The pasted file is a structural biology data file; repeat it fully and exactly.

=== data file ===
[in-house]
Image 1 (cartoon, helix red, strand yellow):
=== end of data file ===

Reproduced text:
[in-house]
Image 1 (cartoon, helix red, strand yellow):